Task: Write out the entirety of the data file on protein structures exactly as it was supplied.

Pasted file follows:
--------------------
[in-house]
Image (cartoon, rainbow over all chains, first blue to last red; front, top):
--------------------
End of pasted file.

[in-house]
Image (cartoon, rainbow over all chains, first blue to last red; front, top):